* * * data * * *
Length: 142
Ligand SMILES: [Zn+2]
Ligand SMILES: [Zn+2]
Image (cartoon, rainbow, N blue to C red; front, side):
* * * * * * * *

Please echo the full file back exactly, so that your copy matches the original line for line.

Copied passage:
Length: 142
Ligand SMILES: [Zn+2]
Ligand SMILES: [Zn+2]
Image (cartoon, rainbow, N blue to C red; front, side):